hive

 

Savory Thymes invites you and your family to join us for a community gathering
to benefit the Marin Survivor Stock Queen Bee Project
and the work of SuperOrganism.

Saturday, June 16, 2012
1:00 - 4:00

Hillside Gardens, Mill Valley

The afternoon will include:
Native bee walks led by Dr. Gordon Frankie of the Urban Bee Lab, U.C. Berkeley
Great Sunflower Project talk by Gretchen LeBuhn, Associate Professor of Biology at SF State
Demonstration and learning stations presented by the Marin Beekeepers Association
Skep making demonstration by master weaver Charlie Kennard
Tasting of local honey
Tasting of local meads
Live Celtic and sunny afternoon music

Savory and Sweet afternoon hors d'oeuvres and drink will be served.

This is a kid friendly event so please bring your children.

Tickets are $35 per person (kids are $1; 2 per adult please)

We encourage you to dress comfortably and casually.

RSVP to Jerry Draper at beecele@superorg.org (reservations for kids are required)
To purchase tickets please click here

 

Honey bees are still failing, here and across the nation at an unsustainable rate of a third a year. We understand that the obstacles to their success have, in large part, come out of the way we keep the bees and grow food. Changing large scale bee breeding is a slow process; it is a business. Changing on a small, grassroots scale, can take place more rapidly because backyard beekeepers can take risks that do not endanger their livelihoods. The Marin Beekeepers are at the forefront of a number of groups across the nation taking on a challenging project that directly takes on the decline: the husbanding of sustainable populations of local untreated bees.

They are breeding queens that have overwintered, that are laying well and that have genetic resistance to pathogens. Resistance involves a variety of genetic traits. One, hygienic behavior, is an olfactory ability to locate mites or disease within a sealed brood cell and clean it out before the pathogen can spread. The bees that do not carry the genes will undo this work, recapping the opened infected cells and prolonging the presence of the pathogens in the hive. This sensing trait is recessive, and because queens mate in the air with non-related drones, most colonies in an area need to carry the genetics.
Beekeepers are known for being independent individuals, but many local Marin County beekeepers have joined in a cooperative effort to improve local stock. The group has brought experts to Marin to speak and conduct workshops. With proceeds from past Celebration of the Bee events, they have purchased equipment to test for resistant traits. They have also funded a nine-month pollen-testing project to analyze what pesticides are in the Marin environment. With mentors and a growing expertise within the group, the Marin Beekeepers have embarked on a stock selection and breeding project. They are coordinating test equipment, reference materials, seminars, connections with other groups, forage plantings and a program to distribute queens. They are looking beyond mere survival to a gentle, productive, local resistant strain of honey bee, and your ticket to this pleasure-filled event will contribute to that goal.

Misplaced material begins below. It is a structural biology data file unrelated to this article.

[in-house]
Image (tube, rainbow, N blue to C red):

About SuperOrganism:
SuperOrganism is a non-profit organization dedicated to furthering sustainable agricultural practices through research, events, publications, lectures, demonstrations, and other means. SuperOrganism takes its name and purpose from the model of a honey bee (Apis Mellifera) colony where individuals work selflessly and mindfully towards the common good of the whole.
visit the SuperOrganism website

About Savory Thymes:
Savory Thymes convenes artists, grassroots organizations and activists in order to cross pollinate ideas, build relationships and alliances, and provide a space to galvanize support for
a wide variety of social and environmental initiatives. Established in 2005, by Alison Ghiorse, Savory Thymes supports and educates the public about local and sustainable systems within
the context of grassroots movements and the arts, through events that celebrate the beauty,
the tastes, and the textures of the Earth.
visit the Savory Thymes website

Shuttle instructions: vans will be running from the Mill Valley Middle School starting at 12:45 There will be a shuttle running from the parking lot of the Mill Valley Middle School to Hillside Gardens beginning at 12:45pm. The directions below will take you to the pick-up point for the shuttle. All guests must take the shuttle as parking at the event location is prohibited.

From the East Bay or From Santa Rosa (North):

Take 101 South and exit at East Blithedale
Right onto East Blithedale
Take East Blithedale to the 2nd light at Camino Alto
Turn Left on Camino Alto. Proceed to first light (Sycamore)
Turn Left on Sycamore. The Middle School is on the left. The parking lot is at the rear. If necessary, there is additional parking across the street at the Mill Valley Sewer Department

From San Francisco:

Take 101 North and exit at the East Blithedale Exit
Left onto East Blithedale
Take East Blithedale to the 2nd light at Camino Alto
Turn Left on Camino Alto. Proceed to first light (Sycamore)
Turn Left on Sycamore. The Middle School is on the left. The parking lot is at the rear. If necessary, there is additional parking across the street at the Mill Valley Sewer Department.